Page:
Some Tips

Exclude directories

With great projects comes great responsibility. And files amount. And logs. And assets. And git. And tests. And cache. After a while, you might end up with a vast amount of files to index to search. Even though Sublime sure is fast but going through thousands of images and log lines would be exhausting for everyone. A simple solution for that problem is to exclude not relevant directories from indexing.

1. Open Preferences -> Settings.
2. Exclude directories you don’t need e.g.

“folder_exclude_patterns”: [“public”, “log”, “vendor/assets/*.jp*”]

3. Profit.

Multiple projects management

So you have lots of projects you are working on? Are you tired of switching them with several clicks? I feel you bro. Here is a solution for your problem.

Lol what? It took just one .gif to handle multiple projects? This is crazy!

1. Open project you want to be able to reach in a matter of seconds.
2. Save it as Sublime project by going to Project -> Save Project As…
3. Add more of your precious projects like that.
4. Use ctrl+shift+p to open currently saved project list.
5. Choose whichever you want to open and puff!
6. Profit.

Ruler

Some people like it, some people don’t. I’m not judging I’m just saying that if you feel the need to not exceed 80 characters per line and seem to forget it along the way — Sublime ruler rules!

1. Choose your ruler rules from View -> Ruler options and never again wonder is the line too long. Simply see it is.
2. Profit??

Set project rules

Working with several people? You prefer 2 tabs for intendetion and your colleagues 4 spaces? Some of you are leaving whitespaces after the line, some of you don’t? Sublime gives you simple settings for removing this kind of obstacles from your way to the perfect code:

1. Open Preferences -> Settings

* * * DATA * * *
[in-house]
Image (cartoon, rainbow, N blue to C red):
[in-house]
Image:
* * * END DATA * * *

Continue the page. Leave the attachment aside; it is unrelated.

2. Talk with your team and set up some ground rules e.g:

{
“trim_trailing_white_space_on_save”: true,
“ensure_newline_at_eof_on_save”: true,
“translate_tabs_to_spaces”: true,
“tab_size”: 4
}

3. Never talk about this things again and become a better man.
4. Profit.

Layout settings

Who likes to see every file he’s currently working on at the same time? Cause I’m guilty as charged! On when writing test I like to split screen to see exactly what class I’m testing. When doing HTML views it’s nice to have style sheets open as well. Sublime got you covered with multiple layout options. With alt+shift+1–9 You can easily switch different window layouts and choose the most convenient one for you.

If you will tap different numeric keys fast enough you can make Sublime looks like it’s broken. Give it a go!

Auto save

While working on multiple files sometimes the focus can be lost. Did I save it? Let me just save it another time, just to be sure. Instead of smashing hard that ctrl+s on multiple cards just take a look:

1. Open Preferences -> Settings
2. Set the following:

{
“save_on_focus_lost”: true
}

3. All your work will be saved every time you will leave Sublime, switch a card, switch project, you name it. It’s like you hardly have to do anything nowadays!
4. Profit!

Regex support

This might be your precious time, and therefore life, saver. Sublime’s Find and Replace has an out of the box regex support for all your searches.

Useful Shortcuts:

Did you know that you can assign left_delete to enter? Give it a try and surprise your friends and family!

ctrl+d — select first duplicate of current selection and appends cursor.
ctrl+shift+p — opens list of current installed plugins functions
ctrl+h — find and replace in current file
ctrl+shift+f — find throughout the directory.
ctrl+p — go to file
ctrl+shift+k — remove current line
ctrl+} — move selection one tab(or space) to the right
ctrl+{ — move selection one tab(or space) to the left
ctrl+b — run current file (if possible)
ctrl+alt+p — opens projects list (if you have any)

All currently set combinations can be found under Preferences -> Key Bindings. And obviously, you can modify anything what’s in there and create new ones.

Did I mention you can download it for free?

You can thank the authors by buying the license for it, I’m sure they will appreciate it as much as you will love their product!